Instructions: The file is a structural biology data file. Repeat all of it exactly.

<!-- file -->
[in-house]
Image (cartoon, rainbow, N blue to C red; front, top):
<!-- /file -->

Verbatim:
[in-house]
Image (cartoon, rainbow, N blue to C red; front, top):